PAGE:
Snow, ice on roofs a growing concern

By Melanie Savage
Region - posted Tue., Feb. 1, 2011
Peter Keklak (left) has  been working overtime to clear local roofs. At right is Bob Leach. Keklak can be reached at 860-367-6667. Photo by Melanie Savage.
Peter Keklak (left) has been working overtime to clear local roofs. At right is Bob Leach. Keklak can be reached at 860-367-6667. Photo by Melanie Savage.

Most of us have seen the headlines: “Hampton roof collapses, kills six cows” (News 8); “Numerous roofs collapse because of snow” (Eyewitness News 3). It’s unnerving, to say the least. Since the latest snowfall on Jan. 26 brought up to an additional 16 inches of snow to the state, weather-related woes have increasingly captured media attention. With a total snowfall of 59.8 inches, January 2011 has become the snowiest month for Connecticut, breaking the record (45 inches) set in 1945. But does all that snow really warrant getting up on your roof with a shovel? Seems a straightforward answer to that question can be rather elusive.
Locally, there haven’t been any major incidents. According to the Hebron Fire Marshall, the only roof collapse in town has been a large storage shed.  A representative at the Columbia Fire Department said, “We had one partial collapse. It was a commercial building, the roof sagged, and they shored it up. The major problem people are having right now is with the ice dams.”
According to a University of Minnesota Extension online Housing Technology resource, “an ice dam is a ridge of ice that forms at the edge of a roof and prevents melting snow (water) from draining off the roof.” Ice dams cause water to back up under shingles, and can cause water damage to a home’s interior. The most common cause of an ice dam is snow cover that allows colder temperatures on the surface, with warmer temperatures below. Snow near the roof melts, hits freezing air on the surface, and freezes, causing a barrier. Roof temperature is related to a number of different factors, including insulation, attic venting, and ceiling structure (see www.extension.umn.edu/distribution/housingandclothing for an in-depth discussion).  Whatever the cause, the result is water penetration.
According to Chris Royster, from C and R Contractors in Vernon, “we estimate that between 60 and 70 percent of residential buildings in Connecticut right now are experiencing leaking.” If you’ve got large icicles hanging from your gutter, there’s a good chance you’ve got an ice dam. That’s what brought contractor Peter Keklak to a home in Hebron. The owner had water leakage into the home, and hired Keklak to remove the snow. Keklak said that a common problem is the practice of raking the first three feet of snow off from the ground. “That just creates a wall of ice where you stop,” he said. Rakes are good for removing snow from the gutters, but Royster agrees that removing more isn’t a good idea. “Either have a professional remove all the snow, or leave it alone,” he said.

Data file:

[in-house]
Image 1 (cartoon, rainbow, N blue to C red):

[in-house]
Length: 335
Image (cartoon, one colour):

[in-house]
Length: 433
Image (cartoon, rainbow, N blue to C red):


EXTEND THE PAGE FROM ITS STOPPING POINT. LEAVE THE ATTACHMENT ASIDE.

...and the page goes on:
But if you leave the snow there, will your roof collapse? Probably not, but there are a number of different factors that determine the answer to that question. The engineers at the Institute for Business & Home Safety (IBHS) offer the following guidelines to help home and business owners determine how much snow may be too much for their roof to handle.
Keep in mind that newer structures may be designed to handle increased snow loads. The best source for determining how much snow load a building can handle is the design plan. These designs can range from between 40 and 70 pounds per square foot in New England. IBHS offers general guidelines to help estimate the weight of snow. Ten to 12 inches of new snow is equal to one inch of water, or about five pounds per square foot. Most roofs can handle up to 4 feet of new snow before there’s a concern. Three to five inches of packed snow is equal to one inch of water, or about five pounds per square inch. Anything more than two feet of packed snow could be dangerous. The total accumulated weight of two feet of old snow and two feet of new snow could be as high as 60 pounds per square foot. Ice is much heavier, with one inch equaling about a foot of fresh snow.
Bottom line, if you’re not experiencing leaking but you’re worried about the weight, use your own best judgment. But opinions are unanimous regarding another issue: getting up on your own roof to clear the snow can be extremely dangerous, and is best left to a professional. On top of the danger of injury, there is the danger of doing damage to your roof. Plastic implements are safest, and it’s best not to remove down to the surface; leave a protective layer and let the sun do the rest.
If your roof is leaking, it’s risky trying to remove an ice dam yourself. Call a professional. There is also a product called an ice melt sock that can be thrown onto your roof and pulled into place. The sock is filled with a deicer, and the manufacturer claims that it will melt through a dam without the need for climbing a ladder (www.snowmeltsock.com).
 


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